Monday, May 18, 2015

On Being Out of It

Born and raised in New York and educated at New York University, I used to know about pretty much everything except brain surgery and rocket science. Certainly I was up to speed on literature, art, food, music, theater and film. You could have asked me anything and I'd have an answer. This is no longer true and it's not because I have Alzheimer's. It's just that two things happened, one causing the other: I moved to Maine and I stopped caring.

Living in Maine one cares most about the weather, the black flies and how the fish are running. There is only one art museum to speak of and it has a new exhibit only two or three times a year, mostly of boats and rocks and surf crashing on rocks painted by Maine artists. The symphony plays rarely and sometimes when you go expecting violins and Mozart you get a fake rock concert instead. Big name performers come here only every few years. The theater is amateurish and movies that open simultaneously all over the country don't play here, or else finally show up when they are already old news. To be fair, the city of Portland is very into food and many of the trendiest places serve all the same pretentious things you never heard of that you find everywhere else.

Katy Perry
These are facts, folks, not my skepticism talking. Anyway, because I don't listen to popular music, instead limiting myself to my son's rapping and my Queen CDs, I have never heard Taylor Swift sing and had no idea her song was responsible for that horrid "haters gonna hate" line. (My husband, who is 11 years younger than I, knows all that stuff and he told me.) And who is Katy Perry and is she any relation to Governor Rick Perry?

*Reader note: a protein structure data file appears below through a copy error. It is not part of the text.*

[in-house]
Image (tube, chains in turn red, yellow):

I don't watch regular TV, only reruns of comedies from the 90s when I was busy raising a child and never could watch them the first time, and so I missed that Diane Sawyer interview with Bruce Jenner about how he has always felt like a lady inside. I know nothing about the art world these days. I read books I have loved for years, eschewing modern fiction for obvious reasons. But something caught my eye in this morning's paper: Harper Lee has written a new book and everyone is all excited, with bookstores nationwide ordering many copies and planning "read-a-thons" to draw in customers.

I have to say that I read "To Kill a Mockingbird" back in 9th grade and thought it was just okay. Then I read it again a few years ago and thought it was a boring drag, and because there would be no test I stopped halfway through. So I will not be reading her latest and instead will keep working on my own novel, which I am hoping will be finished before I am. It is quite a good story and one you won't want to miss.

Sunday, May 17, 2015

Some Questions for Hillary

That brooch doubles as a Secret Service agent.
There's a big to-do among the members of the press on both sides about the fact that candidate Hillary Clinton has  answered only 13 questions since she entered the race for president, and none of them had to do with anything important. This is indeed outrageous, ridiculous, egregious and all kinds of other things ending in "ous." I think that without further ado, she should answer a few of the burning questions we'd all like to know:

1. How come on some days you have really bad bags under your eyes and then like the very next day they are completely gone?
2. Can you recommend any particular products you use to get rid of them?
3. Do you find Botox injections painful?
4. Does it bother you that everyone likes Bill better?